I hope these tips help both potential buyers and sellers.  And to all my readers, have a very Happy Thanksgiving!  Visit me online.

Couponing coming to real estate

Couponing seems to be the biggest craze now.  Between shows like Extreme Couponing and all the new daily deal sites that pop up, like Groupon and Living Social, everybody is trying to get something for less.  I think these sites can offer some fantastic deals, so I was thrilled when I found out about a new site, HouseTipper.com.

HouseTipper works similar to Groupon sites where you would pay ahead of time to get a discount from a real estate brokerage.  Some deals might include a commission discount, gift cards at closing, or cash back.  According to this MSN article, “In real estate, the deals are often offered for three to seven days rather than for just one day because these are not usually impulse buys,” says Tigue Bonneval, co-founder of HouseTipper.com and a real-estate agent in Baton Rouge, La. “This gives customers time to see the deal, make an inquiry with the real-estate agent and decide if they want to make the purchase.”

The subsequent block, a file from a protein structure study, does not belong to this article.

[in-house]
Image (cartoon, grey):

Bonneval also says that HouseTipper will refund the cost of the coupon if the consumer doesn’t end up purchasing a house or doesn’t like the particular agent offering the deal.  So it’s really a win-win.  They’re also trying to increase their business, so if you refer someone to the site, you can get a $10 credit to use when the referral purchases their first coupon.

Some states don’t allow real estate agents to give rebates, so you’ll need to do your research before you buy.  

I’d love to hear if you got a deal by using this site or what types of coupons you’ve discovered for your real estate needs.  Please leave me a comment with any info you can share!

 

Fannie Mae raises fees

In an interesting move, Fannie Mae announced they are raising their fees this spring.  What’s even more interesting is that it will affect buyers who have higher credit scores.  This will make mortgages more expensive for a lot of people.